It is hard to see what in the short-term could threaten the present market euphoria.
The interest-rate environment remains extremely favourable, owing to the dissipation of expectations of monetary tightening in the US. Corporate earnings are still moving highly positively, especially in Europe where the economic upturn is being confirmed and amplified, in part thanks to the rise in the dollar. And liquidity flows are still very substantial, with a good number of investors trying to get on a moving bus.
The fundamentals may still be highly favourable for equities, but it is difficult to extrapolate recent tendencies for much longer. Traditionally, market upswings normally come to a halt through monetary squeezes. In our view, however, the risk of a re-synchronization of the world's econ-omies, brought about by upturns in Japan and Europe, should not be over-estimated. The US economy is still giving no signs of a revival of inflation. In addition, the fears of an upcoming monetary tightening in Europe, in reaction to an over-rapid appreciation of the USD, seem premature, in view of the constraints increasingly weighing on the Bundesbank in the run-up to EMU.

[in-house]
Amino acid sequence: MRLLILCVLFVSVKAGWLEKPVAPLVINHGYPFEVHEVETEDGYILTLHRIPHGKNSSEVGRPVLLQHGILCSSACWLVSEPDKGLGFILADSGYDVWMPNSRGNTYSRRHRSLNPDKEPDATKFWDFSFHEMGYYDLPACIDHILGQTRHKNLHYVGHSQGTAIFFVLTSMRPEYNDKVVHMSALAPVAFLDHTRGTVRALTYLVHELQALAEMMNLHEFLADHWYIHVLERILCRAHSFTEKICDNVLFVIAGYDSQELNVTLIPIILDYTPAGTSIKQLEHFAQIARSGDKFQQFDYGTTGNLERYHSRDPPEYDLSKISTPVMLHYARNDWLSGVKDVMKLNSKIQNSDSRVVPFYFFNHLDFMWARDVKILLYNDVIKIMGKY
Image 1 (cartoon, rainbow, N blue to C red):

The conflict between the powerful momentum being shown by the markets in the short term and the risk levels generated by the higher prices has led us to move to a neutral asset allocation between the main asset classes. We find it difficult to envisage increasing our equity positions following the recent rises, while on the other hand the main short-term risk is probably that of pulling out too soon. Within equities, we are overweight in Europe, where corporate earnings still have pleasant surprises in store for investors, and to a lesser extent on Japan, where relative valuation levels are once more attractive, and on Latin America. On the other hand, we are underweight the US, where the earnings risks are on the downside, and on South-East Asia where the restoration of the situation of a country like Thailand is still far from convincing.
We are also neutral on bonds, with a preference for the European and Japanese markets which are still showing the steeper yield curves. As regards currencies, we are maintaining our overweighting of the US$ which still seems to have potential for a rise against the other leading currencies and carries a higher remuneration.
Eric Tazé-Bernard is head of strategy and asset allocation at Indosuez Asset Management in Paris.